I've been reading all the rants about this, and this isn't any attempt to analyze the issues and cite sources. This is just my personal opinion on the situation.
First, I agree with my blogger friend Linkmeister, who commented in a post today that the Republican party has now made its position clear. They aren't interested in health care reform. They are only interested in defeating whatever President Obama tries to do. This being the case, the hell with bi-partisanship.
Second, I've thought about this a lot, and I'm convinced that we will never get health care costs under control until we separate health care from capitalism. Health care isn't something you should plan to get rich at. It's a service that should be provided to everyone, like fire and police protection. (Okay, in Oakland, California, "police protection" as a service provided to everyone is kind of a touchy subject. But my point stands on the "should.") The profit motive in health care is what's driving costs inexorably upward, and we won't get costs under control until we come to a common agreement that for-profit health care is a Bad Thing. It's the defense of the Bottom Line that causes companies to cancel people's coverage the minute they come down with something that will be really expensive to treat, like cancer.
Yes, this means I want a "public option." Actually, I don't - I want single payer. So far, the Repubs have managed to shove that off the table. Maybe, now they've made their position clear, we can bring it back; since they aren't going to agree to anything anyway, we can ignore the fact that they don't like it.
But there's one more thing we have to do to make this work: we have to reform medical education. Becoming a doctor is fiendishly expensive; people come out of their training fully qualified and hundreds of thousands of dollars in debt. That training has to be subsidized, as part of the subsidy for medical care itself, or no one will go into medicine. This is just part of providing the service. Hopefully such reforms will attract people who want to provide health care, instead of people who want to become filthy rich doing specialties like cosmetic surgery and neurology. I have nothing against either cosmetic surgery or neurologists, I use the specialties as a general example; I am aware of a shortage of general practitioners, because it's so hard to pay off your medical school debts on a GP's income that everyone wants to get into the high-stakes specialties.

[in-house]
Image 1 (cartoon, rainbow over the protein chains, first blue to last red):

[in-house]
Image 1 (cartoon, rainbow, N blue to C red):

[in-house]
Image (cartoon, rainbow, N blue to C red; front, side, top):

And this is personal. I'm in favor of single payer (or at least a "public option") because I expect to need it. Right now my access to health care depends on my husband's employer; I have a fall-back position at my own former employer. I have no faith that either of those companies will continue to support health care for retirees. I really think we need to separate health care from employment, and if that means taxing employer-provided health care, then let's tax it.
I'm hearing a general consensus on several critical points: everybody should be have health insurance; nobody should be refused coverage because of a pre-existing condition; nobody's coverage should be dropped just because they got sick. The only thing we're still arguing about is "socialized medicine," AKA "how do we pay for this?"
People have been bitching about this for fifty years, for Crissakes; I remember the screams of "socialized medicine" in the '60s when Medicare was passed. We're now in the 21st century, and most of the major industrialized countries have universal coverage, and none of them is Socialist. (You really think Canada or Great Britain are Socialist?? You don't know what "socialist" means.) And they all look at us and shake their heads and say, "Crazy Americans." Can we please get on the train that everyone else is on, and start figuring out how to control the costs??